Each year, a word crystallizes as the word of the year. It’s never at the beginning and rarely clear until there later in the year. This year was surprising to be sure. In January, we celebrated our daughter’s first birthday surrounded by friends and family at one of our favorite restaurants. In February, I accepted a position as chaplain at the drop-in nursery that helped us raise our children relishing the fact that I got to teach our youngest once a week. I passed the first year as pastor of Garden of Grace UCC and embarked on the journey of dual-recognition of my ordination by taking a polity class.
By all accounts, we were settling in. We were getting that point of parenting and working that was comfortable, predictable, and even routine. We began to start to look at houses thinking about different neighborhoods and different communities around town.
And then March 15th changed everything. We gathered with the COVID-19 restrictions that had been released and recommended in our sanctuary knowing that it would be the last time, but not fully understanding just how long it would until we were able to even see each other again. I can remember raising my hands to give a benediction choking back tears because I knew everything was about to change.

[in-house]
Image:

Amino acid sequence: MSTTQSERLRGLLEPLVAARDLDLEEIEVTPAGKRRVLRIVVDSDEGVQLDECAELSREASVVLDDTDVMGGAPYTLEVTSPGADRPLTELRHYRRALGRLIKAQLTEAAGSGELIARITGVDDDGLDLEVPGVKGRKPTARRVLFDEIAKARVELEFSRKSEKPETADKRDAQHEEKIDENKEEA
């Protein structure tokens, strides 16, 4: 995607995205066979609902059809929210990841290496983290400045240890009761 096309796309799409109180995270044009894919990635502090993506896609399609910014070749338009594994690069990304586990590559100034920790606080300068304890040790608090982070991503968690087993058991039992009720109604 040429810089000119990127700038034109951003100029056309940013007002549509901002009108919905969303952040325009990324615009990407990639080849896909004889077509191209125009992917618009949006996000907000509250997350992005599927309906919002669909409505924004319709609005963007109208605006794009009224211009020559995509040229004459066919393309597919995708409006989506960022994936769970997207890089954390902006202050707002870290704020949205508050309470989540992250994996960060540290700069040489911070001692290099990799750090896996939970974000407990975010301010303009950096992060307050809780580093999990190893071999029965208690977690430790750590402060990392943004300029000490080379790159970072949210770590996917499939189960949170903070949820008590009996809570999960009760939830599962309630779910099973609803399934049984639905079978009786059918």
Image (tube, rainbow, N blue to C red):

I’ve had a couple of those moments in my life. Times when I knew even as I was walking through them that I would remember every single part of the experience because it was a moment that would change my life forever. When I walked through security to embark on a journey to teach overseas for a year in Germany. When I walked down the church highway where I had spent so much of my childhood with the words, “We don’t support that” after sharing a call to pastor. When I met my partner and my guiding light for the first time as he was moving bookshelves for a fellow teacher. When friends and family gathered for my ordination. When I held my babies for the first time.
These are the moments that define us. And these are the moments I have come back to again and again in this year of refining. It has been a year of coming home and being home. Remembering what is most important and having time for the things that give life and light. This has been a year of refining who I am as a person and adding the author identity to my self. This has been a year where all of the years I spent preparing and training to be a teacher and teaching have come back around (especially that one year as a technology teacher where I was in over my head).
This has been a year of refining what is most important. May I not forget the challenges, the tears, and the purpose this year has brought.